We must ensure we have a fair industrial relations system, where unions and their members have the ability to bargain for and gain rising wages and better conditions, that we continue to build the NDIS, pursue needs-based school funding, lift the unemployed out of poverty and keep Medicare strong.
We must get away from the idea that collective action by people to pursue their economic interests is somehow illegitimate. Or that attempts by government to create a fairer society by redistributing income and opportunities are wrong.
And we have to get away from the idea that the private and public sectors are somehow mutually antagonistic.
This stupid and destructive idea has come to dominate our political debates, the proposition that taxes and social investment are inherently anti-business. That every dollar that government raises and invests on behalf of the people somehow robs us of our vitality. That pursuing equality makes us collectively poorer. You’ve heard it all before, no doubt. And it’s rubbish, the lot of it.
Mr Speaker, business thrives best in a decent society. And a decent society can’t be created through trickledown economics alone. Smart businesspeople understand this.
Having been elected National President of the ALP, I’ll be continuing to pursue these issues in the years to come. I don’t want to live in a country captured by the hard right or the extreme left.
And of course the fourth estate has an incredibly important role to play in our national debate. I want to pay tribute to those in the press gallery who have kept true to the best the fourth estate can offer. There is no greater responsibility than holding us all to account … our democracy depends on it.
To my Labor colleagues, I say this.
We must not become over confident, but we could be on the cusp of something quite special and unexpected: returning to government just two terms.
The strength of our current position has been made possible by two things.
The first is that during the Global Financial Crisis we avoided recession and kept our economic credentials intact. It’s a great record we should be proud of.
And the second is that we have found a new lease of political unity.
That unity has come from excellent leadership – and I congratulate Bill and the whole leadership team on its achievement.
But at its heart, it is a unity of political purpose.
Our policies have been able to unify us because they speak to the things our movement and the wider Australian society hold dear: decency, fairness and greater economic and social equality.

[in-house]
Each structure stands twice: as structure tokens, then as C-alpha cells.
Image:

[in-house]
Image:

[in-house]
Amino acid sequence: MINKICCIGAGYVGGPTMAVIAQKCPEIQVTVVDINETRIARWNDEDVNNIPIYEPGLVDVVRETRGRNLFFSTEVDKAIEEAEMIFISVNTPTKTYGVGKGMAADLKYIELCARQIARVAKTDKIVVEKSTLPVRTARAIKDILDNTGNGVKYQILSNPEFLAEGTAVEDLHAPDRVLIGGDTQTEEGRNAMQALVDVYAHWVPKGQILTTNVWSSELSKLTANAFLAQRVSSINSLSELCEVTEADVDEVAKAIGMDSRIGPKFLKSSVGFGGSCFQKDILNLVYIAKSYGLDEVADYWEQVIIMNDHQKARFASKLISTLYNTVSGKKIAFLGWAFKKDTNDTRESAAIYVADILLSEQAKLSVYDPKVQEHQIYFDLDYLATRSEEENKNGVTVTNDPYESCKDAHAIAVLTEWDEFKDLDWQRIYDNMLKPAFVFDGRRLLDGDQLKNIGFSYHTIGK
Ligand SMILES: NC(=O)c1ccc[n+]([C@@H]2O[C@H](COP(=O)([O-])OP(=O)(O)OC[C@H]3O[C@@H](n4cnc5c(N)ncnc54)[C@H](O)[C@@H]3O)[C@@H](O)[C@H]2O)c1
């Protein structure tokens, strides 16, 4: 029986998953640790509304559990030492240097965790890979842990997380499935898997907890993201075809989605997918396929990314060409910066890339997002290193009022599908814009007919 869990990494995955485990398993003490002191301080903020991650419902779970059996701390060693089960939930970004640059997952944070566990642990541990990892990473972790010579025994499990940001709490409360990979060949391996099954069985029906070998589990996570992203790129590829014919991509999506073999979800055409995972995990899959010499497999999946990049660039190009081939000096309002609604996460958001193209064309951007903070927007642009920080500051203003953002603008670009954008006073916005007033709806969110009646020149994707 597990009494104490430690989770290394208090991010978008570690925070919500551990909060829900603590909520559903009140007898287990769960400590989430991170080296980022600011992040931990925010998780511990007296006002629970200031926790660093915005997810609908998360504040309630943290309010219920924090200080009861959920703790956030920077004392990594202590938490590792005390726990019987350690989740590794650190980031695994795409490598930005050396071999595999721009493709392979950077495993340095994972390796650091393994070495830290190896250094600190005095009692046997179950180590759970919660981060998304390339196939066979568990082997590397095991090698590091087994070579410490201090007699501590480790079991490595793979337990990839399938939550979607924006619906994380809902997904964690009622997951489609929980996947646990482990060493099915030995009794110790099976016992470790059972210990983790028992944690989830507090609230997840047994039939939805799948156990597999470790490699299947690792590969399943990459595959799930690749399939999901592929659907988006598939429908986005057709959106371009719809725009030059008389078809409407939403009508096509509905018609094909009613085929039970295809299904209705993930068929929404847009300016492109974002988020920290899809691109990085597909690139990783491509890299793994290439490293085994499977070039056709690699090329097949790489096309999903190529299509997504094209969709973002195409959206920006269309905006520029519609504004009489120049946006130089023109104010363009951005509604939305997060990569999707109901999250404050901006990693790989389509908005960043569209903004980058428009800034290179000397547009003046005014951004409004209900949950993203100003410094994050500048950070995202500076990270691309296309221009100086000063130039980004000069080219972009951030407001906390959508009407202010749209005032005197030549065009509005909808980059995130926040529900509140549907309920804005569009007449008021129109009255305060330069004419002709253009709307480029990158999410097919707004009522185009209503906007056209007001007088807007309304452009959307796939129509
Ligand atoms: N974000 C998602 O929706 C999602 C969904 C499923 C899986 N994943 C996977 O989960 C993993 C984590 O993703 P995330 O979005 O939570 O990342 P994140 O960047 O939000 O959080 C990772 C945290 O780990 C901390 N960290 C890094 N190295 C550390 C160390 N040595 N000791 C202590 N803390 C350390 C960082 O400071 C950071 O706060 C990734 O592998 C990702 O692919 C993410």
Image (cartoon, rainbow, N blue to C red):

It was said of the Whitlam generation that they made Labor electable but they also made it worth electing. That’s the power of our agenda, too.
When I first drafted this speech, I wanted to reach out across the chamber. To ask people, maybe just momentarily, to remove their party blinkers, try to understand each other, and maybe acknowledge the noble intentions behind the policies we’ve pursued, even the policies they most disagreed with.
For me especially, this meant the economic policies I and my party pursued in the wake of the global financial crisis.
I still hope to do that, but the divisive tone that’s pervaded this place in the past week has made me realise that reaching out to some of those opposite is going to be harder than I hoped. Maybe a write off. But all the same, I want to say something about that, because it needs to be said.
You see, I was here during the Tampa episode in 2001, and recall the way it changed us.
The night John Howard sprung his Tampa trap in the parliament, otherwise known as the Border Protection Bill I was on the couch at home recovering from prostate cancer surgery. In the weeks that followed the politics of fear drowned out domestic political issues.
Before then, covert appeals to racism and xenophobia were regarded as unworthy of our country’s elected representatives.
When the ship was turned back, something else floated into our harbours in its wake: American race-based dog-whistle politics. That politics isn’t new. It’s likely as old as politics itself. We all thought it had died before 2001. But we were wrong.
During the 1980s it was infamously brought back to life in America during the 1988 Presidential election, a determined strategy to link the black community with violent crime. It worked. It became the template for what happened in Australia in 2001, a scab that’s remained ever since.
Sure enough, eighteen years later, it is being used again. Read the Hansard and the ministerial transcripts of the past few days. The only thing missing is the subtlety of yesteryear.
Soon after that 1988 campaign, the architect of it, strategist Lee Atwater, contracted fatal brain cancer. Before he died he set out to make peace with the world. He said that his illness had helped him to see that what was missing in society is what was missing in him: “a little heart, a lot of brotherhood”; and that his own actions had contributed to “a spiritual vacuum at the heart of American society”, a “tumor of the soul”.
The man who invented the political strategy now dusted off once again by those opposite, repented of it. It says a lot.
My hope is that this ugly approach is so soundly defeated at the ballot box that it can never arise again.
That’s the good news, Mr Speaker. It won’t work. Not this time.
This is one of the great elements of democracy: it is moral force. Sometimes parties can lose the moral right to govern before they lose their numerical majority in parliament.
For the Coalition, the first is already gone. And the second is about to follow in its wake.
Finally, I want to thank all the workforce in this house; the cleaners, the drivers, the transport office, the attendants, the cooks, the security, the library staff for their courtesy and support over the many years.
I was here for people like you, and we will only prosper as a country, if we realise we are all in this together. It’s the things we do together that make us strong.